A Midsummer Night's Dream
a kate west review
by William Shakespeare
directed by Melissa Chalsma
Independent Shakespeare Company
at Barnsdall Park
4800 Hollywood Blvd., Hollywood 90027
running through September 2
tix free, reservations needed
contact (818) 710-6306 or www.independentshakespeare.com
(Sean Pritchett as Puck)
Love is ultimately fulfilling, enriching, euphoric and even noble. It can also be confusing, neurotic, irrational and even mad at times. Shakespeare understood this better than anyone and showcased such contradictions in one of his most popular plays, "A Midsummer Night's Dream". The members of the Independent Shakespeare Company do a terrific job mounting "Dream" in their outdoor venue at Barnsdall Park. Director Melissa Chalsma (also Hippolyta/Titania) culls intense performances from her actors and offers us an entertaining and quite accessible show.
Love is the main story here, apparent from the start, when Hermia (Maude Bonnani) begs her father Egeus (Bobby Plasencia) to allow her to marry her true love, Lysander (Erik Matthew), instead of Demetrius (Ahmad Enani). The royal court, represented by Duke Theseus (Freddy Douglas), commands she obey her father, to the displeasure of his fiancé Hippolyta. One puzzling Shakespearean choice is that Demetrius is apparently of the same age, stature and general qualities as Lysander, so it seems an unnecessarily arbitrary decision to force Hermia to marry the former. It must just be one of those maddening obstacles standing in the way of youth's ardor. At any rate, Hermia will have none of it and runs off to elope with Lysander, pursued by Demetrius and Helena (Aisha Kabia), lamentably spurned by her love Demetrius.
Also prominent in this classic Athenian tale are the day laborers or Mechanicals, who are rehearsing a tragic tale of Pyramus and Thisby for the upcoming royal nuptials. Bernadette Sullivan is a confident Peter Quince, the leader of the troupe, trying vainly to whip them into respectable shape. Playing the lead is Nick Bottom (the delightfully versatile and talented Danny Campbell). The whole gang is a lot of fun, from the gentle Snug (Bobby Pasencia) who timidly portrays a lion, to Matt Hurley's girly Francis Flute, resigned to play the doomed Thisby. Thomas Ehas is a likeable elderly Robin Starveling and Amy Urbina is fine as Tom Snout and the fairy Cobweb.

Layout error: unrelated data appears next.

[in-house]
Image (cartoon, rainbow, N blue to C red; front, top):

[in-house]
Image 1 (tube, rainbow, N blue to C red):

Everyone ends up in the enchanted forest, which is full of mayhem and mischief, in the form of a whole host of magical sprites. Sean Pritchett is a wonderfully strong, virile and rambunctious Puck, fairy minion to Oberon (the gallant Freddy Douglas), King of the Fairies. He leaps and bounds tirelessly throughout the show, winking at the audience and wreaking glorious havoc among all the characters. For starters, he causes the two pairs of lovers to love all the wrong people and then puts a donkey head on Bottom. Melissa Chalsma is the dignified and haughty Queen Titania, tricked into loving the half-man, half-donkey, as punishment for crossing her King. Her fairy entourage is adorable, from Mary Guilliams as Peaseblossom to Jinsoo Choi's Mustardseed (also the flute player).
The lovers are all entertaining and fun, although this particular Hermia is a slight problem. A native Italian, Maude Bonnani gives a valiantly energetic performance as Hermia, but is less sure with the actual text. While normally this would be less of a problem in a modern play, it is rather distracting in Shakespeare. Her scenes seem a bit slower paced than the rest. The two men, Erik Matthew as Lysander and Ahmad Enani as Demetrius, work well together, however and Aisha Kabia's Helena is fine.
Ultimately, the lovers are all properly reunited and everything is set to rights as they awaken the next morning as if from a dream. There is a triple wedding, of course, and the Mechanicals perform their hysterically inappropriate tragedy, much to the amusement of all. Oberon and Titania reconcile, as do their counterparts Theseus and Hippolyta. The double casting of Freddy Douglas (Theseus/Oberon) and Melissa Chalsma (Hippolyta/Titania) works well, by the way. As does Pritchett's Puck and Philostrate (assistant to Theseus).
Although there is no set, the costumes are all fantastic, from the Mechanicals charmingly simple woven garments to Puck's outrageously fun and furry red shorts. Costumer Rachel Ford Pritchett ingeniously outfits the actors in retro-modern garb, conveying an appropriate timelessness. The fairies are especially beautiful too and Titania's flowery bed is a cleverly decorated handcart. The actors provide the music, with flutes, guitar and makeshift drums, etc. Production-wise, it's a pretty simple affair, all the better to showcase the impressive strength of these professional thespians.
So if you're looking for a nice evening in the park, please support this company. They do Shakespeare right. Remember to bring a blanket, some picnic food, a jacket (it gets cold at night!) and maybe a low chair if you want to sit on the lawn, although there is limited seating available. And while the production is free, the gallant company members do rely on donations so make sure you drop a few quid their way.
A Midsummer Night's Dream (New Folger Library Shakespeare)
A Midsummer Night's Dream